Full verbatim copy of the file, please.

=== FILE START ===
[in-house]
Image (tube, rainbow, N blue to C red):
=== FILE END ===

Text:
[in-house]
Image (tube, rainbow, N blue to C red):